Lieberman: Obama Administration Needs to Start Talking About Islamic Extremism

Weigel
Reporting on Politics and Policy.
Feb. 15 2011 1:10 PM

Lieberman: Obama Administration Needs to Start Talking About Islamic Extremism

The 2009 killings at Fort Hood got their first and possibly only hearing in this Congress today. It followed the release of a report from the Senate's Homeland Security report on Fort Hood, in which researchers argued what conservatives have been arguing -- political correctness might be costing the military the ability to react to Islamic extremism in its midst. That, said witnesses today, is what happened with Nidal Hassan.

"What should have Hasan's military superiors done?" said Gen. Jack Keane, ret. "They should have been able to put the information together and conclude that Hasan believed the same thing that the violent Islamist extremist enemies of this country believe, and that meant he should have been out of the military."

Advertisement

Nearly a dozen survivors (including Sgt. Alonzo Lunsford ) or members of victims' families were in the room for this. They didn't hear much in terms of next steps. Lieberman made multiple references to "members of the administration" who were at fault, but didn't name them; he ended the hearing when a vote began, so he did not answer more questions. But his thinking was expressed well in an exchange about terrorism with security consultant J. Philip Mudd.

"As somebody who wants to kill the ideology," said Mudd, "I think we ought to call them what they hate to be called. They like to be called terrorists. They like to be called Islamic radicals. They hate to be called murderers, and that is what they are."

"I'm unconvinced," said Lieberman. "I'm going to call them all of those things, because that's what they are. They're violent Islamist extremists, and they're murderers, and they're terrorists."

"I agree that's what they are," said Mudd, "but I'm saying, don't give them what they want."

David Weigel is a reporter for Bloomberg Politics

TODAY IN SLATE

Culturebox

The Ebola Story

How our minds build narratives out of disaster.

The Budget Disaster That Completely Sabotaged the WHO’s Response to Ebola

PowerPoint Is the Worst, and Now It’s the Latest Way to Hack Into Your Computer

The Shooting Tragedies That Forged Canada’s Gun Politics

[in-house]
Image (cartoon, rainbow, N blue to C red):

A Highly Unscientific Ranking of Crazy-Old German Beers

Education

Welcome to 13th Grade!

Some high schools are offering a fifth year. That’s a great idea.

Culturebox

The Actual World

“Mount Thoreau” and the naming of things in the wilderness.

Want Kids to Delay Sex? Let Planned Parenthood Teach Them Sex Ed.

Would You Trust Walmart to Provide Your Health Care? (You Should.)

  News & Politics
The World
Oct. 22 2014 2:05 PM Paul Farmer Says Up to Ninety Percent of Those Infected Should Survive Ebola. Is He Right?
  Business
Business Insider
Oct. 22 2014 2:27 PM Facebook Made $595 Million in the U.K. Last Year. It Paid $0 in Taxes
  Life
The Eye
Oct. 22 2014 1:01 PM The Surprisingly Xenophobic Origins of Wonder Bread
  Double X
The XX Factor
Oct. 22 2014 10:00 AM On the Internet, Men Are Called Names. Women Are Stalked and Sexually Harassed.
  Slate Plus
Tv Club
Oct. 22 2014 5:27 PM The Slate Walking Dead Podcast A spoiler-filled discussion of Episodes 1 and 2.
  Arts
Brow Beat
Oct. 22 2014 10:39 PM Avengers: Age of Ultron Looks Like a Fun, Sprawling, and Extremely Satisfying Sequel
  Technology
Future Tense
Oct. 22 2014 2:59 PM Netizen Report: Twitter Users Under Fire in Mexico, Venezuela, Turkey
  Health & Science
Wild Things
Oct. 22 2014 2:42 PM Orcas, Via Drone, for the First Time Ever
  Sports
Sports Nut
Oct. 20 2014 5:09 PM Keepaway, on Three. Ready—Break! On his record-breaking touchdown pass, Peyton Manning couldn’t even leave the celebration to chance.